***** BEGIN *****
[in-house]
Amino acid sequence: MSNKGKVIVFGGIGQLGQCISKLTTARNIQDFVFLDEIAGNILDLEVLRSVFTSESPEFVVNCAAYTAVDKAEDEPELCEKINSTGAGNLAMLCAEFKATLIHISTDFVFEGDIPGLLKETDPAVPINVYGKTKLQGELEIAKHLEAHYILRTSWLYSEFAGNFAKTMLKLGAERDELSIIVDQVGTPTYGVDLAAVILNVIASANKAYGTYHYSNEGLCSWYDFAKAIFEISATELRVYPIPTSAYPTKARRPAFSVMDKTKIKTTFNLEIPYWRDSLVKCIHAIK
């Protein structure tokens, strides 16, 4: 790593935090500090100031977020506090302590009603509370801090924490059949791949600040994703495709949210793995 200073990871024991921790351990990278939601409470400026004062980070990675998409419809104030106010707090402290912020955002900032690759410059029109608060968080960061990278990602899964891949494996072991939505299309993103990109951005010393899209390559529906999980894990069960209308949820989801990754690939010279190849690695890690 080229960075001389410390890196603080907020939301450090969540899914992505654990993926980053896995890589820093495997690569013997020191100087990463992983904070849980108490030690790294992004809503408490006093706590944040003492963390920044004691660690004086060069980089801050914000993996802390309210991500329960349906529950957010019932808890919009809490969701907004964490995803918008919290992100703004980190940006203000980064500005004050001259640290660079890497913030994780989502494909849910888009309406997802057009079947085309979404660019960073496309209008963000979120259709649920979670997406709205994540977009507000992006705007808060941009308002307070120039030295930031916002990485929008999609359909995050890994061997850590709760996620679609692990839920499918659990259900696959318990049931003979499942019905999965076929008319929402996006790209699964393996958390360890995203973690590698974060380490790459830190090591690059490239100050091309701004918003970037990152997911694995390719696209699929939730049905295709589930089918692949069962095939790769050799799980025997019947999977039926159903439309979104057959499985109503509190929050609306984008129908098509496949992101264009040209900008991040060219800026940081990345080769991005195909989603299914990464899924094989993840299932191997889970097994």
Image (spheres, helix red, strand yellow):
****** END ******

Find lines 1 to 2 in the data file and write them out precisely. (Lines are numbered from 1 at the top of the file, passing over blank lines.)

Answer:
[in-house]
Amino acid sequence: MSNKGKVIVFGGIGQLGQCISKLTTARNIQDFVFLDEIAGNILDLEVLRSVFTSESPEFVVNCAAYTAVDKAEDEPELCEKINSTGAGNLAMLCAEFKATLIHISTDFVFEGDIPGLLKETDPAVPINVYGKTKLQGELEIAKHLEAHYILRTSWLYSEFAGNFAKTMLKLGAERDELSIIVDQVGTPTYGVDLAAVILNVIASANKAYGTYHYSNEGLCSWYDFAKAIFEISATELRVYPIPTSAYPTKARRPAFSVMDKTKIKTTFNLEIPYWRDSLVKCIHAIK